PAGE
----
The researchers have also compared the results with other research results estimating how the sea level has changed over several hundred million years.
This research is based on geological traces of the seafloor and marine environment from different areas of the world. These can be fossils of marine animals far above today's sea level or geological layers that are only deposited where oceans are also found, such as the beach.
The Earth’s landmasses also change dramatically on these time scales, and some mountains used to be part of the seafloor. The Himalayan mountain range was formerly a seabed, until it was pushed up by the Indian continent about 47 million years ago, according to this 2015 study.
Karlsen says that their model fits quite well with earlier estimates of how the sea level has changed, which can be seen in the picture below.
“But after about 250 million years, big uncertainties are cropping up,” he says.
Karlsen believes these estimates and models will gradually get better and better.
As the chart shows, the seabed may have reached a peak just over 100 million years ago, and a new peak just under 350 million years ago.
This could hint at a supercontinent cycle on earth, which is directly related to how the continents separate and rejoin over hundreds of millions of years.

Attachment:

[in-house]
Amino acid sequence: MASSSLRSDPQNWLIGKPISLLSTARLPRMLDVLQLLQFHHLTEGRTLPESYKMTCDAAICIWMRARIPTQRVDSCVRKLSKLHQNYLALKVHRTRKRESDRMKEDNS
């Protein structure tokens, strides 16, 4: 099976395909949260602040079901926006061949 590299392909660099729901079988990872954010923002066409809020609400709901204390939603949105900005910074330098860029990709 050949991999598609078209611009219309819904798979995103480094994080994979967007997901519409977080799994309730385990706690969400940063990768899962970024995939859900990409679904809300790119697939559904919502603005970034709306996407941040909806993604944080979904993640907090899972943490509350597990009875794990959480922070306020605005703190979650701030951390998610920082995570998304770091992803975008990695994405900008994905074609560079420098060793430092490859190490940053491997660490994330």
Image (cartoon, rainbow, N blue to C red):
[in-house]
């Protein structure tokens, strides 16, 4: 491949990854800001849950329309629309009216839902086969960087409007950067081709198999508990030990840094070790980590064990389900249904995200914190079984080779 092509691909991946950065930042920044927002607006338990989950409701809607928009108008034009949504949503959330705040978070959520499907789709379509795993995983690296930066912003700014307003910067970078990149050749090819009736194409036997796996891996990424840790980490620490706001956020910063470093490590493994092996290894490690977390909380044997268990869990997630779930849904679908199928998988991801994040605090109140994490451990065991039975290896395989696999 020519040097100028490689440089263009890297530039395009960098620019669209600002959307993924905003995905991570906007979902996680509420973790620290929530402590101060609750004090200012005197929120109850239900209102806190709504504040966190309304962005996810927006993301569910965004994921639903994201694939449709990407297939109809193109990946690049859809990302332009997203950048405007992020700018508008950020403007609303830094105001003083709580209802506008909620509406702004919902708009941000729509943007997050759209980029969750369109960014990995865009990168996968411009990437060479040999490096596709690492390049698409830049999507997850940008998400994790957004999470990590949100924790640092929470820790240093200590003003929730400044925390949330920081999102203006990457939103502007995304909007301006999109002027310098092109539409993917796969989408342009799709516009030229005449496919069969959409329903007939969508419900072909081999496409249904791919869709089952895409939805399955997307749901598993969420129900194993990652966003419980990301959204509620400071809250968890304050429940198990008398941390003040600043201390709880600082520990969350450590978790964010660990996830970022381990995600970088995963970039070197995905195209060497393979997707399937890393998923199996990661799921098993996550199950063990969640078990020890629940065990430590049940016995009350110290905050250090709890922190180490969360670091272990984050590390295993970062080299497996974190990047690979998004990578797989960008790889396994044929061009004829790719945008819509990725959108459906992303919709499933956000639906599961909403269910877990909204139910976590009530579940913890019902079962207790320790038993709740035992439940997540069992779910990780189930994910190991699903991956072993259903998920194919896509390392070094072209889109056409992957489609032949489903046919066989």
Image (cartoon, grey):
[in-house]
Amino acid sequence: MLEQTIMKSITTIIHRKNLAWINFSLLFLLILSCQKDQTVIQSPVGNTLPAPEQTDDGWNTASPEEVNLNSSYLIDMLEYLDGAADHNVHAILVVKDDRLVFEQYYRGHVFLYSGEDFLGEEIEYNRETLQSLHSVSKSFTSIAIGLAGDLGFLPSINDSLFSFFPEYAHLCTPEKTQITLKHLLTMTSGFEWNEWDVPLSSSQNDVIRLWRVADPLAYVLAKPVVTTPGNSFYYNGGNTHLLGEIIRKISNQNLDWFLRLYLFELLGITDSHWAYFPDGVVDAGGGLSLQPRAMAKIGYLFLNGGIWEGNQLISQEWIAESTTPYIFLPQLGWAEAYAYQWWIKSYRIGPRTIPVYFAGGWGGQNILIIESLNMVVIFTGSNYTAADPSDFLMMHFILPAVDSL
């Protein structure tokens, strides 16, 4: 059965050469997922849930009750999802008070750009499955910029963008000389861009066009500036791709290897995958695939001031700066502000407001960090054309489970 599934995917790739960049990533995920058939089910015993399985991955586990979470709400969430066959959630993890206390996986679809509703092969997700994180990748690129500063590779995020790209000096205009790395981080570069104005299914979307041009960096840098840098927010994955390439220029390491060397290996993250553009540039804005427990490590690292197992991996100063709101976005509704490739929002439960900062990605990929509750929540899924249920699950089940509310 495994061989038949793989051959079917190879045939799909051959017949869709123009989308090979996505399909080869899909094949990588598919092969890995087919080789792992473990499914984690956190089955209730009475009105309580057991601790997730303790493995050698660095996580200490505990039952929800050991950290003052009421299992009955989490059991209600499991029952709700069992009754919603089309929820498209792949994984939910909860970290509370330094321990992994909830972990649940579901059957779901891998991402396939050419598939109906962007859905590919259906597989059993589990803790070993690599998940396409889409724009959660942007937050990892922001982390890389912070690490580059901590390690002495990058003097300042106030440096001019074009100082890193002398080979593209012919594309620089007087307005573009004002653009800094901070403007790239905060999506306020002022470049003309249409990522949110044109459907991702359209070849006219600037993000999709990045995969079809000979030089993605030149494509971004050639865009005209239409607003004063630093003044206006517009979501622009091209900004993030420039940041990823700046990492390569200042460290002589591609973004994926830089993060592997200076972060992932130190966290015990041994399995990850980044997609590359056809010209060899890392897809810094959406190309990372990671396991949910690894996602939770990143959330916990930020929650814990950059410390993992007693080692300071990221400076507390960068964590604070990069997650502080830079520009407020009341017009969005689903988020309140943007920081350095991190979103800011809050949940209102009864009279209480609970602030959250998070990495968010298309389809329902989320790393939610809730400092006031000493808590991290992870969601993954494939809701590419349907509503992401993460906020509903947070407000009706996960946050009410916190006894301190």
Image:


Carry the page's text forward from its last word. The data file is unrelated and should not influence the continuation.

This cycle may have repeated itself for billions of years. Before Pangaea, there was the supercontinent Rodinia about a billion years ago, according to this 2012 Nature study.
Earlier yet, the supercontinent Nuna might have existed more than 1.5 billion years ago.
But whether this cycle is related to a sea level supercycle remains uncertain.
“It's hard to say anything about the regularity of such a possible cycle,” says Karlsen.
The human genus has been around for a few million years, and our species, Homo sapiens, has been here for about 300 000 years.
From a human perspective, the continental plates have changed very little since the origin of our species on Earth, and we have settled along the coast in much of the world.
Although the coast is constantly changing due to the movements of the tectonic plates, climate change is also contributing to changing sea levels. According to the US National Oceanic and Atmospheric Administration (NOAA), the ocean rose by an average of 3.6 millimetres between 2006 and 2015.
This sea level rise is driven by completely different processes than those which occur due to tectonic plate movement. The ocean is expanding as it gets warmer, and meltwater from ice and snow contributes to the increase, according to NOAA.
In just over 100 million years, the sea level has changed by about 250 metres – or an average of 0.0025 millimetres per year – due to the movement of the tectonic plates, according to these new models. Karlsen points out that this is far slower than the sea level rise going on today.
Translated by: Ingrid P. Nuse
Karlsen et al: A tracer-based algorithm for automatic generation of seafloor age grids from plate tectonic reconstructions. Computers & Geoscience, 2020. DOI: 10.1016 / j.cageo.2020.104508.